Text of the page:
SAG-AFTRA, Studios To Resume Talks On Tuesday As Strike Hits 100 Days
The actors' strike has been going on for 100 days. On Tuesday, officials for SAG-AFTRA, studios to resume talks and making deals on Tuesday. The group for more than 150,000 actors in the United States, SAG-AFTRA, said in a statement that they would like to meet again.James K.Oct 23, 20232362 Shares57616 Views
The actors' strike has been going on for 100 days. On Tuesday, officials for SAG-AFTRA, studios to resume talksand making deals on Tuesday. The group of more than 150,000 actors in the United States, SAG-AFTRA, said in a statement that they would like to meet again.
The WGA strike ended in late September after almost 150 days. Many people had thought that the strike would end sooner. However, talks between the two sides began again just a few days later.
A woman holding a SAG-AFTRA strike poster
Talks between SAG-AFTRA and Hollywood's big studios were put on hold almost two weeks ago because the management side said the two sides were too far apart. They will start up again on Tuesday. The union's negotiating group told members in a message that the management was the one who reached out to start talking again.
The union said in a post on X, which used to be called Twitter, on Saturday:
As we mark the 100th day of our strike, we are pleased to confirm the company executives have asked us to return to the table. Official Negotiations will resume on Tuesday, October 24th.- SAG-AFTRA
It is clear that the strength and solidarity shown by our members has sent an unmistakable message to the CEOs. As we have repeatedly said, we are ready, willing and able to engage on a moment's notice to meet and to work across the table to achieve a deal that is worthy of your sacrifice. In the coming days, there will likely be a lot of interest and potentially noise surrounding our talks. Do not believe anything you hear until it comes from us.- SAG-AFTRA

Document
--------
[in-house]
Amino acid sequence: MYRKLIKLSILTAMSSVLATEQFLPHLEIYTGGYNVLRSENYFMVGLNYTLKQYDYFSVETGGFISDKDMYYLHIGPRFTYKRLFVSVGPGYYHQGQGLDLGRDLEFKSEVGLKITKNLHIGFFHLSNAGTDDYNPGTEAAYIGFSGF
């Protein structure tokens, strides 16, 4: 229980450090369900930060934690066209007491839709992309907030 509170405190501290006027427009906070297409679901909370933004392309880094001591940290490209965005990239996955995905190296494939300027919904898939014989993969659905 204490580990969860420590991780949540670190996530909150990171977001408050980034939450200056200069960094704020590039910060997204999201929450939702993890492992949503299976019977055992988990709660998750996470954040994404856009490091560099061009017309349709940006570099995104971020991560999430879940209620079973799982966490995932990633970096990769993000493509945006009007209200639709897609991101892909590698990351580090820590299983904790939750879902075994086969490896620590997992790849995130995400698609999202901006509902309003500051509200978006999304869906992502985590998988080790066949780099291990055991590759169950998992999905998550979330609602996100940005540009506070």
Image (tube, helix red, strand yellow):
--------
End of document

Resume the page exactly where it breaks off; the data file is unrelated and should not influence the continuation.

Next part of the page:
A short joint statement from SAG-AFTRA and the Alliance of Motion Picture and Television Producerson Saturday afternoon let everyone know that talks had been restarted. In the release, it was also said that at least some top executives from AMPTP member companies would be there. It comes as SAG-AFTRA's first hundred-day strike in more than 40 years ends.
On Tuesday, October 24, at SAG-AFTRA Plaza, the AMPTP and SAG-AFTRA will talk about a deal. A number of leaders from AMPTP member companies will be there.
The studios left the SAG-AFTRA talks and said they were "suspended" on October 11, the same day they did with the WGA in August. Duncan Crabtree-Ireland, who is the National Executive Director and Chief Negotiator for SAG-AFTRA, told Deadline on Thursday that he was still "optimistic" that the two sides would be able to come to an agreement soon.
I did not expect [negotiations] would have to go so long…The amount of time spent without negotiating has been completely unconscionable. The studios and streamers ought to be back at the table with us now. They should have been there the first 80 days but they weren’t. I am very eager to see that happen and I believe it will happen soon. I think there’s a lot of pressure happening outside of formal channels to get people back to the table, so I’m optimistic that that will happen sometime soon. But I know that we’re just going to stand strong and get a fair deal.- Duncan Crabtree-Ireland
There are now writing rooms again, but the start of the new TV season is still uncertain. When the studios reached a deal with the writers, they were hoping that the show would air in January 2024. They also hoped that the stars would quickly reach a deal. That hasn't happened because SAG-AFTRA has been firm in its bid to get better terms on streaming residuals and income share, as well as better rights for actors when AI uses their work.
The talks between SAG-AFTRA and Hollywood companies will start up again next week, both sides said on Saturday. The Hollywood Reporter says that a core group of leaders from the Alliance of Motion Picture and Television Producers will be there when they meet on Tuesday.
Since October 11, when producers said the difference between the two sides was "too great" to continue, talks have been frozen. The Screen Actors Guild's desire for a cut in profits is said to have caused some disagreement.